In 2021 I bought my first (and so far, only) electric guitar: a black 1983 Fender Telecaster. I got it on a whim with my pandemic government check after seeing a documentary that said Jeff Buckley played that kind of guitar. It’s now the guitar I play the most when I play live. I play rhythm guitar for Delicate Steve, and through that project, I’ve learned more about the range of this guitar. I don’t use pedals (yet?). It’s mostly just because I don’t have pedals. Or I’m too lazy to invest the time, money, and energy right now into getting them and learning to work with new gear. Or maybe a more generous interpretation of it would be that I’m still discovering what I can do (SO MUCH!) just with the naked instrument and its electricity. I like finding the limitlessness within limitations. Also, there is something about this guitar that feels a little punk/outlandish to me; it feels untamable. It doesn’t let me hide or play small and I think it forces me to be brave and embrace errors. I always feel a little out of control with it and I both fear and like that.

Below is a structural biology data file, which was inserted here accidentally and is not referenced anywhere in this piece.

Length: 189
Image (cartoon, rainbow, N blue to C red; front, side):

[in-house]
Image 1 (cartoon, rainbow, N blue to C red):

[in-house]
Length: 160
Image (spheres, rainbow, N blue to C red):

What is your definition of tone? And is your tone evolving?
I like the idea of tone as a character or a voice but transmitted through touch. Tone is voice because it has color, texture, size, sensory qualities like cool or hot or prickly or velvety, strength/forcefulness, sweetness, etc. They are qualities that communicate personality. The more I open my ears to the dimensions of tone the more I hear different characters and animals and versions of me in them.
I don’t experience myself as having a consistency of tone. Maybe because – like with voice – what I do to find/excavate tone is influenced by who I’m trying to communicate with, how I’m trying to do it, the space I’m in physically and emotionally (moment-to-moment), my evolving response to whatever is going ‘right’ or ‘wrong’ in a performance, or what it feels like the story I’m telling needs (literally ‘setting the tone’), etc.